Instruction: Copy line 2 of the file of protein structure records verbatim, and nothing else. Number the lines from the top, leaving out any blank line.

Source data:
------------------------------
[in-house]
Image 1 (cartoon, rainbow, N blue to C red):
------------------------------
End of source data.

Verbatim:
Image 1 (cartoon, rainbow, N blue to C red):